The Chesapeake Bay, at 180 miles in length, is one of the great protected waterways of the country. Because of its natural configuration, to become the home of many of our earliest ports of call: Norfolk, Portsmouth, Annapolis, Baltimore and, farther up the Potomac, Alexandria and Washington. These were all bustling seaports early in the beginning of our nation.
But for all its size, Chesapeake Bay is shallow in many areas, with limited deep water channels. The need for aids to navigation was evident early on, yet the government was slow to respond to the needs of commerce.
Although the first lighthouse authorized by our fledgling government in 1789 was for the Cape Henry Lighthouse (at the entrance of Chesapeake Bay), it wasn’t until 1819 that Congress appropriated funds for a lighthouse in the Bay, at Bodkin Island on the south side of the entrance to Patapsco River leading to the Port of Baltimore. This lighthouse was first lighted in 1822.
Thomas Point Shoal’s hexagonal cottage has a diameter of thirty-five feet and rests upon seven piles, a single central pile and six perimeter piles, each of which has a diameter of ten inches. The dwelling is picturesque, exhibiting such careful touches as carved balusters on the walkways encircling both the first level and the lantern, and six dormer windows interrupting the dwelling’s sloping roof at regular intervals.
The cottage’s first level is divided into five rooms: a mechanical room, bedroom, bathroom, dayroom, and kitchen. Although the original privy is still cantilevered over the bay from the lower gallery, the Coast Guard installed an indoor “incinomode,” an electrically superheated toilet that incinerates waste, around 1971. A central, spiral staircase leads to the second floor, where another bedroom and a room that formerly housed the fog bell striking mechanism are located. The lantern room, accessed by a ships ladder from the second level, is situated forty-three feet above mean high tide. After having been replaced by a modern beacon, the historic Fresnel lens formerly housed in the lantern room was removed to the Commander’s Office of the Coast Guard in Baltimore.
By 1964, Thomas Point Shoal Lighthouse was the only staffed offshore station on Chesapeake Bay. Four coastguardsmen divvied up lighthouse duties, with each taking a week of shore leave every four weeks. A lightship tender made a monthly delivery of fresh water, fuel, and supplies. This state of affairs lasted until the 1970s, when a three-man crew, with a two-weeks-on, one-week-off rotation took over. The crewman arriving at the station would bring groceries and mail for the week, and the one leaving would tote away the trash. Scott Kaufman, stationed at the lighthouse in the early 1980s, commented that living at the station gave him plenty of time to think. “All the problems you have. You can just sit out here and think out all the angles. I’ll even sit here and think about my friend’s problems. That’s how much time I have.”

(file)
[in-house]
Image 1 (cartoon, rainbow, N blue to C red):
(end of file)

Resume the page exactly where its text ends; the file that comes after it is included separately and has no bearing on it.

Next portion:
In addition to the offshore Thomas Point Shoal Lighthouse serving as an active aid to, the sentinel also serves as a NOAA marine weather station, providing hourly data such as wind speed, water and air temperatures and atmospheric pressure for mariners transiting or boating on the Chesapeake Bay. NOAA’s interior-based weather equipment was previously stationed on the structure’s second level, but with future tours being planned to the historic beacon, the partners and NOAA implemented a pro-active plan to ensure the protection of the sensitive equipment by relocating its operation to the area where the Coast Guard maintains their ATON equipment.
The partnership’s work at the lighthouse with the Coast Guard, NOAA, and the architects aren’t the only progress being made at Thomas Point. The Chesapeake Chapter’s preservation program, led by Vice President Anne Puppa, is one of the most active and effective volunteer group efforts in the lighthouse community. Their dedication to helping Chesapeake Bay lights through hands-on maintenance contributions was recently responsible for a much-needed improvement at Thomas Point Shoal Light as well. “Chapter Education Coordinator Tom Wade and preservation volunteer Al Pearson replaced the existing entrance hatch that had deteriorated badly over recent years,” said Gonzalez. The new hatch door will aid in the security and safety at the lighthouse. The volunteers have also given the lighthouse a sorely needed and very thorough cleaning.
Historically, Thomas Point Shoal is a lighthouse with few peers when it comes to its stature as a beloved icon of the Chesapeake Bay. Thanks to the passion, dedication and effectiveness of its new keepers, Thomas Point Shoal Lighthouse is now positioned to endure into the 21st century and beyond – ensuring that like the lighthouse, the partnership and its volunteers will also have few peers.